Legalizing Tiny Homes: The Ten-Year Plan
Chapter 9 of SELC’s book, Practicing Law in the Sharing Economy, focuses on legal tools for the creation of more economically sustainable housing models.
SELC is creating detailed legal case studies of communities and housing solutions that emphasize sharing, affordability, and sustainability. This work looks particularly at models of shared housing, including cohousing communities, ecovillages, and housing cooperatives. The legal case studies are designed to allow other groups to replicate existing housing models. Click here for one legal case study by SELC.
Mapping the Regulatory Terrain
Developing a community energy project turns out to be quite the puzzle because our current legal system favors centralized and for-profit ownership of energy infrastructure by the wealthiest sectors of society. So we are mapping the legal and regulatory landscape to help communities navigate building community projects.
The Sustainable Economies Law Center's expert panelists discuss the legal barriers, policy opportunities, and steps to creating a new energy future. Click here to watch the webinar.
Subin Varghese, Director of Community Renewable Energy, explains how Sustainable Economies Law Center is piecing together the puzzle of community ownership in the energy sector.
Read more here.
☀ Profiling legal frameworks for energy ownership, governance, and financing
☀ Creating a lexicon of legal models for community renewable energy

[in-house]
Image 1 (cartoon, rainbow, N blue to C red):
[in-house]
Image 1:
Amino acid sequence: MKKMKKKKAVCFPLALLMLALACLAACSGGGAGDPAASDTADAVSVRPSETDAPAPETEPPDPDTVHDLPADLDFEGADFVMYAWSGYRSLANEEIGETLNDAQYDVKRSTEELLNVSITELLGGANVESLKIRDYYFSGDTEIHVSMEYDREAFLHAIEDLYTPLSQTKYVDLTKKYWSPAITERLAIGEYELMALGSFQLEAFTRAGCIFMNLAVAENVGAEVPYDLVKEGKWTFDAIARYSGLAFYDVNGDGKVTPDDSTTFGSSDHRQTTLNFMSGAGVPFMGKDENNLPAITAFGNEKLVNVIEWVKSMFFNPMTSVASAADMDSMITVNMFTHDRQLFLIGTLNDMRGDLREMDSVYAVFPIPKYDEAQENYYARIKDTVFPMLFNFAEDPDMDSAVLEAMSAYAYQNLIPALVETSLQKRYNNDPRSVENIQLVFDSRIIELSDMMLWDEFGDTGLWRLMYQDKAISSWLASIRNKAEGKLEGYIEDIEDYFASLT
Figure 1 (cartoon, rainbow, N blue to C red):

☀ Drafting model legal documents for communities
☀ Creating cartoons and videos about community energy models
☀ Publishing Plain-English legal guides
Policies for Shareable Cities is the first policy handbook of its kind. It includes 32 recommended policies that enable cities to benefit from the sharing economy in the priority areas of food, jobs, housing, and transportation. Click here to read or download the brief.
The Sustainable Economies Law Center's (SELC) free, comprehensive online legal resource library for urban agriculture. Key topics:
Planning & Zoning Soil
Animals and Livestock Employment Law
Food, Ag, and Health Regulations Water
Liability, Risk, and Insurance For-Profit Urban Ag
Land Access Building Codes
Homeowners Associations Non-Profit Urban Ag
Many thanks to the our volunteer researchers and volunteer research attorneys who contributed to this free online resource for urban farmers. View the eResource at UrbanAgLaw.org.
Click here to view or download the powerpoint presentation by East Bay Cohousing's Betsy Morris.
Community renewable energy is clean, small-scale, and owned or sponsored by communities. That's why it creates democratic, resilient energy grids with distributed economic benefits. SELC’s expert panelists discuss the legal barriers, policy opportunities, and steps to creating a new energy future. Click here to watch the webinar.